DICV reserves its right to demand surrender of tools to DICV in the event of an interruption in delivery. In this case, DICV may reimburse the supplier the percentage of the tool costs which had not yet been amortised. Upon reimbursement of such costs, DICV shall be deemed to have unlimited ownership of the tools.

14. On going through the above terms and conditions of the contract between the Appellant and DICV, it is evident that the Appellant is required to use DICV Owned Tools concerning the part to be manufactured with the tool. The tool shall be used only for the purpose of fulfilling its manufacturing obligations under the supply contract. The Tool is developed and manufactured by the Appellant under a specific Purchase Order. The applicable GST on the supply of the tool is levied in the invoice raised by the Appellant for the supply of the Tool. Once the agreed cost of the tool has been paid by DICV, the title of the tool and all IPR created in the course of the development of the Tool will be transferred to DICV. The Appellant is entitled to keep the tool in his premises only as a temporary possession until the completion of the supply of components manufactured using the tool. During the course of temporary possession of the tools owned by DICV, the Appellant is required to affix Asset Identification Tags on the DICV Owned Tools in order to identity the DICV owned tool. On completion of the contractual relationship, the Appellant is required to return the tools to DICV. In so far as Non-DICV Owned Tools are concerned, the terms of the contract state that in order to ensure uninterrupted supply of parts, DICV will obtain ownership of the existing and subsequent tools by way of security. Thus it is evident that, in this case, the customer, DICV, has assumed the responsibility to provide the tools to the Appellant in the interest of ensuring that there is uninterrupted supply of their parts. While the first priority is that the supplier should use the DICV Owned Tools for the manufacture of the component parts, there is also the possibility that Non-DICV Owned Tools can also be used for the manufacture of parts for the customer. In the event of the second possibility, the customer, DICV takes ownership of the Non-DICV Owned Tools by way of a security only with the objective of ensuring that the supply of their parts by the Appellant is uninterrupted. In the event there is an interruption in delivery of manufactured components using the Non-DICV Owned Tools, then the customer, DICV, has the right to demand the surrender of the tools and reimburse the Appellant the percentage of the tool cost which has not been amortized. On perusal of the contract, it is understood that, in the case Non- DICV Owned Tools are used in the manufacture of the components, the price agreed upon includes the amortized cost of the Non-DICV Owned Tools.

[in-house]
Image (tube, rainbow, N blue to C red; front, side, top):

15. The CBIC in its Circular No 47/21/2018-GST dated 08.06.2018 has clarified that goods owned by OEM that are provided to a component manufacturer on FOC basis do not constitute a supply as there is no consideration and in such cases, the value of goods provided on FOC basis shall not be added to the value of supply of components. However, in case the contractual obligation is cast upon the component manufacturer to provide moulds/dies but the same have been provided by the OEM on FOC basis, then the amortized cost of the moulds/dies is required to be added to the value of the components supplied. In the present case, the terms and conditions of the contract between the OEM D1CV and the Appellant clearly indicate that no such obligation is cast on the Appellant. The OEM has taken the responsibility to provide the tools. In a case where the tools are developed and manufactured by the Appellant according to the requirements of the customer (DICV), then the total cost of the tools is borne by DICV and the title of the tools transfers to DICV, while the Appellant is allowed to retain the tool in his premises for undertaking the manufacture and supply of the components to DICV. In such a case, the value of the tools, which has already suffered tax and supplied FOC to the Appellant, is not required to be added to the value of the components supplied by the Appellant.

16. We accordingly set aside the ruling of the AAR and hold that the cost of the tools supplied by the OEM customer on FOC basis to the Appellant is not required to be added to the value of the components supplied by the Appellant. We emphasize that the ruling given by us in this appeal proceeding is based on examination of the contract and purchase orders furnished by the Appellant in the case of their customer M/s Daimler India Commercial Vehicles Pvt Ltd. This ruling will apply to other contracts entered into by the Appellant only if the terms and conditions contained therein are the same as those contained in the contract placed before us.

17. The appeal is disposed off accordingly on the above terms.